Upon graduating from the University of Michigan, Margaret Brewer attended officer candidate training and was commissioned as second lieutenant in March of 1952, during the Korean War. She was trained as a watch officer at Marine Corps Air Station El Toro, CA. She was then transferred to Brooklyn, NY to establish the first women’s communications platoon within the reserve program. This was just the beginning of her three-decade career, in which she became well known for her efforts for integrating females into the male-dominated workforce.
From 1956 to 1958, Brewer, who was a Captain at the time, served as commanding officer of the woman Marine companies at Norfolk, VA and Marine Corps Base Camp Lejeune, NC. She went on to serve as a platoon commander for woman officer candidates at Marine Corps Base Quantico, VA, and a woman officer selection officer in Lexington, KY. In 1963, she became the executive officer, and later commanding officer, of the Woman Officer School. Here, she oversaw female officer candidate training as well as enlisted women’s training at the noncommissioned officer leadership school.
In 1966, Capt. Brewer transferred to 6th Marine Corps District in Atlanta to be the public affairs officer. She assumed this billet with no formal training besides a two-week course at the Defense Information School at Fort Benjamin Harrison, Ind. During this assignment, she was promoted to lieutenant colonel, which was the most senior rank a woman could hold at the time.
Following this, Lt. Col. Brewer became the deputy director of Women Marines at Headquarters Marine Corps in 1968. Her responsibilities included the inspection of all female Marines from clothing, personnel and training to facilities and health, welfare and morale. During this time, she was promoted to colonel and in 1972, assumed duties as director of Women Marines. She fought to maintain women’s presence in the Corps and better integrate them with their male counterparts. Separate women Marine companies started dissipating as women became eligible for career-type formal and technical training and to obtain the rank of sergeant major.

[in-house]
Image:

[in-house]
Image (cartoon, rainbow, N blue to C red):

“Many people felt that the women were somehow a separate Corps which was never the case,” Brewer said in a 1983 interview with the Marine Corps History Division. “But that was the perception that there sometimes was, because of the separate women’s administrative units, as well as the fact that there was a director of women Marines.”
During her time as director, all military occupational specialties, except small arms technicians, pilots, aircrew and infantry and artillery fields were opened to women. Additionally, Capt. Brewer played a crucial role in the development of regulations for pregnancy and parenthood– the standards implemented then are still in place for female Marines today.
While working alongside the deputy chief of staff for manpower, Brewer made recommendations to review all existing regulations and policies, eliminating or revising those that differentiated in the treatment of men and women without reasonable justification. This resulted in assigning women to more challenging, career-enhancing billets. The most controversial of her recommendations, however, pertained to the establishment of a pilot program to assign women to the Fleet Marine Forces (FMF). Her pilot program that consisted of sending female Marines to the 1st Marine Division and 2nd Marine Aircraft Wing was successful, and female Marines have served alongside their male counterparts ever since.
In 1978, as the Corps made strides to further integrate women and enhance their roles, the Office of Women Marines was terminated, and Brewer returned to public affairs as the deputy director of the Division of Information at Headquarters Marine Corps. This is also when President Jimmy Carter nominated her for appointment to brigadier general; the Marine Corps was the last of the branches to appoint a female flag officer. In May of 1978, she became the first female general officer in the Marine Corps and in 1979, she became the director of Public Affairs until her retirement in July of 1980.
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